Sen. Majority Leader Scott Fitzgerald (R-Juneau) introduced legislation (SB 76) in February that would change laws regulating the repair, replacement, reconstruction or transfer of high capacity wells. Rep. Gary Tauchen (R-Bonduel) introduced its counterpart AB 105 in the Assembly.
The bill would eliminate the need for the Department of Natural Resources to provide additional approval for an owner of an already approved high capacity well to repair, replace, reconstruct or transfer the well. Well owners would still have to notify DNR when they take any of these actions and would still be required to follow the conditions imposed by DNR in the initial approval of the well.
In a nine-hour hearing of the Senate Committee on Labor and Regulatory Reform and the Assembly Committee on Agriculture on March 15, lawmakers heard testimony on SB 76 and AB 105. A total of 166 citizens registered or spoke in favor of the bill. Growers and dairy farmers testified that the bill would provide certainty for them to continue running their businesses and to pass land down through generations of farmers. Supporters including the Wisconsin Potato and Vegetable Growers Association, Wisconsin Dairy Business Association and Wisconsin Manufacturers & Commerce said the legislation would also allow farmers to quickly repair or replace wells so that economic impacts of damaged wells would be limited.
Environmentalists and homeowners criticized the bill that they said would allow high capacity wells to continue depleting groundwater and effectively end DNR’s ability to oversee the wells. Opponents of the bill, including Clean Wisconsin, argued that the bill would allow for “forever” wells eliminating any opportunity for DNR to re-evaluate the wells’ impacts. Opponents also criticized the legislature’s choice to put the legislation before the Labor and Regulatory Reform Committee, which they said was “naturally biased” toward the agriculture sector. In previous sessions, high capacity wells legislation has gone before the Senate’s Natural Resources Committee.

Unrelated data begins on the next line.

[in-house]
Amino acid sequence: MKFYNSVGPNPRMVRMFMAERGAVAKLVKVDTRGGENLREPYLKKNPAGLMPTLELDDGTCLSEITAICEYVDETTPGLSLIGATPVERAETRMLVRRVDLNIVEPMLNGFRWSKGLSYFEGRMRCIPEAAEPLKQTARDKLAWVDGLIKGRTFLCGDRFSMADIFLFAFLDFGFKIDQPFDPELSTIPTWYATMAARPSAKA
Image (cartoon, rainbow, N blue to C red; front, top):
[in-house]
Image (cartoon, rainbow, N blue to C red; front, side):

Clean Wisconsin is also separately challenging Attorney General Brad Schimel’s May 10, 2016 formal opinion finding that DNR lacks authority to require cumulative impact analysis as a condition to granting a well permit. On Jan. 6, eight business associations asked a Dane County court for permission to intervene in the ongoing litigation.
In a paper ballot vote on Tuesday, the Senate committee recommended the bill for passage, 3-2 along party lines. Sen. Majority Leader Fitzgerald said he is looking forward to debating the bill on the Senate floor next week.